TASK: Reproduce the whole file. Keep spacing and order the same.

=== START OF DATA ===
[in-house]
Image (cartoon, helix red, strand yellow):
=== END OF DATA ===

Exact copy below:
[in-house]
Image (cartoon, helix red, strand yellow):